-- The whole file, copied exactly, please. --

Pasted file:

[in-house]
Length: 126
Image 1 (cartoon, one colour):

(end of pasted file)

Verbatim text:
[in-house]
Length: 126
Image 1 (cartoon, one colour):